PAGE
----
Thursday, October 20, 2011

Blob monsters and shaving cream?! - 2 "borrowed" projects

I've been borrowing from other bloggers again! Even those of us who have been around for a while can still find new ideas and techniques. It's always more fun to try something new, or at least put a new spin on an old lesson, than it is to just repeat... repeat... repeat!

Kindergarten organic "blob monsters" - I discovered this lesson at We Heart Art.
I didn't deviate much from the lesson posted there. Anyone who knows me knows I'm terrified of kindergartners - I'd rather teach a group of any other age. The K's are, basically, "tadpoles" - still developing. I began my teaching career with 9 years of high school art, so switching gears so dramatically was a real struggle. Still, after 25+ years, I still struggle with teaching kindergarten. So I'm always thrilled to find a lesson that is just perfect for these little guys.

Anyhow, about this lesson: We read the book Jeremy Draws a Monster and made an organic shape with a piece of yarn on our paper. We traced around the yarn with a crayon, and then got imaginative. We first talked about how to make eyes look like eyes, etc, but mostly we just had fun imagining. Some monsters were silly, some mean, and each one was unique.

I liked this lesson so much, when we had a little extra time in first grade today, we did the same exact thing, only we used construction paper crayons on colored paper. The results were again adorable and the kids really were proud of their monsters. Unfortunately I sent the artwork home and forgot to take pictures!

And here are some silhouettes on 9"x12" paper marbled with shaving cream and liquid watercolors. I do a silhouette project with 5th graders every year, usually on a watercolored paper, sometimes sprinkled with salt, but this was the first time I tried it using a marbled sky.

A lot of people have posted about making marbled paper with shaving cream. I'd never tried it, but we had a blast doing it. I did do some things a little differently than other people, though. I had the kids tape off a rectangle on their table the size of their paper, and then set the paper aside. I sprayed the shaving cream directly on the table, not in a tray like most others have done. I had a variety of liquid watercolors available, and after the kids spread out their shaving cream (kind of like frosting a cake) the kids dripped the paint on and used pop sticks to swirl it around. We were trying to make Van Gogh-like swirls, but some kids got carried away and swirled too much. In the end the results were still useable, and most kids got to spread their cream out a second time and do a second print. They picked which one to use for their silhouette and saved the other to use at a later date.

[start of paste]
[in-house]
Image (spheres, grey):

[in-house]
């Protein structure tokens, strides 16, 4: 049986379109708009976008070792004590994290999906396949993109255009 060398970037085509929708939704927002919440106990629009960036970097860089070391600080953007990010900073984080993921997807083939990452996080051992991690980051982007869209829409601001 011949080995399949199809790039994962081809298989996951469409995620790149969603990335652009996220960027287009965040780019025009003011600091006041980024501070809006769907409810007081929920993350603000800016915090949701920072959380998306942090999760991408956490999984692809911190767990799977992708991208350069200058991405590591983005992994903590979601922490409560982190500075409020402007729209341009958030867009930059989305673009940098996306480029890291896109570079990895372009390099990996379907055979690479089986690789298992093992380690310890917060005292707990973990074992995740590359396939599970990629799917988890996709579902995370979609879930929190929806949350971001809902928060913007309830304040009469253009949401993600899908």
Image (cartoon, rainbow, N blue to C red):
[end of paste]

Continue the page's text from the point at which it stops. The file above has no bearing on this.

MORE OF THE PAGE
Cleanup was maybe the most fun of all. The kids used squares of cardboard to squeegee the excess shaving cream off the tables, and gathered up mountains of it in their hands. They were enthralled. Then, I passed out sponges and the shaving cream, even with paint in it, worked as a wonderful table cleaner and the room smelled fabulous too! It was so easy to clean up, that I can't imagine using some sort of tray. My tables are easily washable and everyone was happy.